What circumstances led you to Periscope and made you maximise it?
I would say it was time and chance at the beginning. I remember the first time I heard about the platform through a Global Business Coach I was learning from on Facebook. She mentioned it as a new platform that she wanted to use to build her business and I simply went to check it out. At first, I was afraid because I wasn’t even social media savvy, but I was intrigued at how with the touch of a button, I could have the world come to me.
Could you recount your experience for those reading about you for the first time?
November 10, 2000, is a day I will never forget even though this is the 20th year. I ran away from home and eloped against my family’s wish. I was 22-year-old, still in the university and with no guarantee of what was ahead.
My parents took a tough decision and made it clear that since I chose my path, I had to live with it. I can’t even begin to share what my family went through in that season just because of that singular decision.
In 2009, I made a bold decision to walk away from the union. By age 31, I was divorced with two sons and wondering what to do with my life. It was a truly dark season and I slowly had to pick-up the pieces of my life.
So, what has happened since then?
So much has happened in the 11 years since I walked away. I got reunited with my family and my dad, mum and siblings continue to be my greatest pillar of strength. I am so grateful to them for the gift of forgiveness I received, knowing how deep the wounds I cut were. We share such a special bond today that an outsider would never imagine a time when things fell apart.
In 2013, I found love again. Today, I am happily married to my husband Richard, a soon-to-be world renowned Chef, and we have been blessed with two more children.
From your experience, what do you think of the role of parental consent in marriage; in choosing a partner so to speak?
This is not a one size fits all response so no one misses my point.
Personally, I made a terrible mistake not listening to my parents and I know many might consider this old school but being a parent today, I understand the importance of honour.
It’s possible that there are extreme cases where the parents may really not mean well but I believe in the multitude of Counselors there is safety.
Wisdom is profitable for direction and when push comes to shove- find the voice of reasoning. There may be people who can listen and share a different perspective with your parents. At the end of the day, choosing a partner is your decision but getting to honor your parents is also crucial in the process.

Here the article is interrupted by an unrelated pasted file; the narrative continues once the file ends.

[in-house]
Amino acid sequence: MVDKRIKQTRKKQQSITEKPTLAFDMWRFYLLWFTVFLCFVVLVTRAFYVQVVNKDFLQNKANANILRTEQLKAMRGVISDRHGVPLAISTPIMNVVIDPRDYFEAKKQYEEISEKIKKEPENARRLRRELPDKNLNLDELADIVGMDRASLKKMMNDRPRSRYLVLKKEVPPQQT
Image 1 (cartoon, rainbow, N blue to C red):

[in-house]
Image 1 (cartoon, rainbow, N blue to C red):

Let us talk about growing; what was it like and what part of it forms your most cherished moment?
Growing up is filled with so many beautiful memories that I cherish to this day. I was born in Zaria, then my parents moved to Warri before I turned one. I am the first girl among six children. I like to think of myself as “Daddy’s Girl’ although my sisters and I are all Daddy’s Girls. My father never treated us any less because he had all five of us and just one son. My only brother remains a strong support for all his little sisters and I am truly thankful. My mum was a professional teacher and a disciplinarian too.
In 1989, my father was transferred to work in Brunei Darussalam and I spent the most part of my teenage years there. One of my most cherished moments growing up would have to be my 12th birthday. My school had organised a mountain hiking exhibition to Malaysia and my father gladly supported that trip. Unknown to us, the tour company had carried a birthday cake up the mountain and as we got to the rest house at 11,000ft above sea level, they woke us up for a celebration. It was my 12th birthday and right there on Mt. Kinabalu, the highest peak in South East Asia, I celebrated my special day. I am still trying to beat that record. I am open to any ideas for my 42nd as it will be 30 years this August.
When you’re not working, what do you like to do?
I love to spend time with my family and friends that I call Soul Sisters. They are in different parts of the world; but, every moment spent together is treasured. I love to read books that inspire me. I am a book addict. Don’t ever take me shopping and start from a bookstore; be rest assured that will be the only store we would step into until it’s time to go home.
Your favourite travel destination?
I’m torn between New York and Dubai simply because they are cities that inspire me. I draw a lot of inspiration from my surroundings and you just can’t see enough in these two cities.
What’s your most priced and cherished fashion item?
Is it okay to say I don’t own any that I will term most priced and cherished? I love to look good and everything I own that helps me achieve that is on the list.
What won’t Naomi ever be caught wearing?
A bright yellow dress…for now.